Ross agrees that Genesis 1:29 teaches that humans originally had a vegetarian diet, not ‘merely an indication that all food resources derive from plants’ (p.71). But he ‘explains’:
‘Vegetarianism perfectly suits the potential longevity of the first humans. Animal tissue contains between ten and ten thousand times the concentration of heavy elements that plant material contains. This difference sounds drastic, but it poses an insignificant health risk for people living only 120 years (the limit God imposed at the time of the Flood). However, the difference is by no means trivial for people living nearly a thousand years.’
Ross provides no documentation. How could he know what dangers would face long-living people without any to test?! This statement is falsified by the lifespans greatly exceeding 120 years long after people were permitted to eat meat. And his statement is hopelessly imprecise: which plants and animals? Some plants take up heavy elements so readily that they are used to clean up waterways. Soy and tea plants are known to take up aluminium readily. Conversely, many animals can excrete such elements. And accumulation is more of a problem in animals higher in the food chain, e.g. sharks with mercury, as well as filter-feeders. This might be a reason for the Mosaic laws against eating carnivores and shellfish.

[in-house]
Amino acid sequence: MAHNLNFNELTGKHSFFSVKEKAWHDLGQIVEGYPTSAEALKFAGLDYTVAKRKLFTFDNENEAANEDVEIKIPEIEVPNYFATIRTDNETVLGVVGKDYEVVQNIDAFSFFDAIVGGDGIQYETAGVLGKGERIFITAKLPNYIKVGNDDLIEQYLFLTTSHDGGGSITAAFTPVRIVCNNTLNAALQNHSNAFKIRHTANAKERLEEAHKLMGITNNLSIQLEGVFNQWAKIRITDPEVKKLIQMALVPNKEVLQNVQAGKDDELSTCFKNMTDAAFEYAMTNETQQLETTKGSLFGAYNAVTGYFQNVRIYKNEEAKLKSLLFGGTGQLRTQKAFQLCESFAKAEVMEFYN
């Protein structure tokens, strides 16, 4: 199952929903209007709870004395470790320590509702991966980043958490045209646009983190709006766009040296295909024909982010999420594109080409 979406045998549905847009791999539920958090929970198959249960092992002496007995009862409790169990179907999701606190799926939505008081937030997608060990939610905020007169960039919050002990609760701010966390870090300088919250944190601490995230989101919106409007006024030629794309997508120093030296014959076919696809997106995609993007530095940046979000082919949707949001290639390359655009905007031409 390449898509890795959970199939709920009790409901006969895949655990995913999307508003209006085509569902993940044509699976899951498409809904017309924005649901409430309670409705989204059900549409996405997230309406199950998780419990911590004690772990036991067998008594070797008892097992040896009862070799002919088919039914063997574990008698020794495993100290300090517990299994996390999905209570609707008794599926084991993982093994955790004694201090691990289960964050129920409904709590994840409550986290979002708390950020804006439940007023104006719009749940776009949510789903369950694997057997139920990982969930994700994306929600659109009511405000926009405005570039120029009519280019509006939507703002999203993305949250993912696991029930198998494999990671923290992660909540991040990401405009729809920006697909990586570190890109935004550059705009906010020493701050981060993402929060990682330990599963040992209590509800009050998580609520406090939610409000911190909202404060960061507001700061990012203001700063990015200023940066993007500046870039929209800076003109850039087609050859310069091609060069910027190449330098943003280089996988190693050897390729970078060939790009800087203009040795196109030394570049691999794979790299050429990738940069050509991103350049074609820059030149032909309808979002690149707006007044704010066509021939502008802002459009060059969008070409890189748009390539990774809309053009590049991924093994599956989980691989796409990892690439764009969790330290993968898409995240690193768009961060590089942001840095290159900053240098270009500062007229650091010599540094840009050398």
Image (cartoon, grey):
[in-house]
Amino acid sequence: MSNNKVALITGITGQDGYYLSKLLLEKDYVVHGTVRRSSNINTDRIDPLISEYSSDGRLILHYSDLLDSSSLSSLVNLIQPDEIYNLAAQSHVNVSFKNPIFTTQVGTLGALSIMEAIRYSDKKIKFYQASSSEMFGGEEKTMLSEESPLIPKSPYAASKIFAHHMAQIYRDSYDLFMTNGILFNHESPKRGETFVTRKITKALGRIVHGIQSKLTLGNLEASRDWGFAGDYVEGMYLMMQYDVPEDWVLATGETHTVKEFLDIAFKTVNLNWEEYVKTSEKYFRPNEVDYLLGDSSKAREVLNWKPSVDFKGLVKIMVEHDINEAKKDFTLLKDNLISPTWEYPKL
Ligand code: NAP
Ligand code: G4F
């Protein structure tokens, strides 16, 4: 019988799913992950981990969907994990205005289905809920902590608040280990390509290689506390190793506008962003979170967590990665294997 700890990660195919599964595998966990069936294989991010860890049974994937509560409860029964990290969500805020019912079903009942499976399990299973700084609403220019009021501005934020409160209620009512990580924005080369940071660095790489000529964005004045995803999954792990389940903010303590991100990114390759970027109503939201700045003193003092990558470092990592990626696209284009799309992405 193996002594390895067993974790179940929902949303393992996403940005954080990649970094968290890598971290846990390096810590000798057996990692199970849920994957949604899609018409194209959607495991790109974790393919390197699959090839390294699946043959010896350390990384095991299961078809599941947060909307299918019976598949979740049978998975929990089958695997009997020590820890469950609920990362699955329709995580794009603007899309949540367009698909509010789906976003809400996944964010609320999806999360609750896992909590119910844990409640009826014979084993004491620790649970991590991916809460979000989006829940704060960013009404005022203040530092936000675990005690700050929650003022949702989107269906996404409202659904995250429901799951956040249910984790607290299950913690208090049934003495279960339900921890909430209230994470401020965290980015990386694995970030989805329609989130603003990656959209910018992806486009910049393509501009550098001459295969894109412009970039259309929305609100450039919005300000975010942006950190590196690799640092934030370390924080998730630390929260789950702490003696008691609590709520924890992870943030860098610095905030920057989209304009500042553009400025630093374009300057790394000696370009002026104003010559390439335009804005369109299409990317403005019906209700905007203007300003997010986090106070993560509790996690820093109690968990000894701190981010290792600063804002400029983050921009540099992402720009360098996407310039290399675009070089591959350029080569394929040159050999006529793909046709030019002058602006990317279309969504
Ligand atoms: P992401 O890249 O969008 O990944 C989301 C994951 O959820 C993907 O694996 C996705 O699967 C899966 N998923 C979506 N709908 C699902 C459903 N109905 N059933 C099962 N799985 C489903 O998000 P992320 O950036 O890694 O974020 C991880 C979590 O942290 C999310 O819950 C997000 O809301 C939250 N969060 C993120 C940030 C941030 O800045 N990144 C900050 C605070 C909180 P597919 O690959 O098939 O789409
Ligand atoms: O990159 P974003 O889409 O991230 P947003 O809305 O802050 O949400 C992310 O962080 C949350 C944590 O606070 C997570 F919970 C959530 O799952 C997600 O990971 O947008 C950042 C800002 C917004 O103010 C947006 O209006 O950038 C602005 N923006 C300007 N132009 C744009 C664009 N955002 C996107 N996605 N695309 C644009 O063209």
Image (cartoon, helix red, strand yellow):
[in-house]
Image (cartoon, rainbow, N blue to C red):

Also, Ross undercuts one of his own claims. Ross agrees that Genesis 1:29 teaches original vegetarianism for humans, but then surely by his own reasoning, the next verse must teach original vegetarianism in land animals and birds. But Ross denies this without realising the contradiction, because he believes that carnivore fossils pre-date Adam.
Plant deathRoss points out that plants must have died before the Fall. Again, he persistently misrepresents what creationists actually teach.37 We have never taught that plants or individual cells didn’t die before the Fall, but only nephesh (soul) creatures. It should be obvious from Genesis 1:29–30 that the Bible is clear that plants do not have life in the sense of nephesh, while animals do. [Update: see The Fall: a cosmic catastrophe: Hugh Ross’s blunders on plant death in the Bible]